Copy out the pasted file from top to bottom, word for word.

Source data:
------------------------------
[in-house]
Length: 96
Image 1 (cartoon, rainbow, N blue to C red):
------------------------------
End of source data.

[in-house]
Length: 96
Image 1 (cartoon, rainbow, N blue to C red):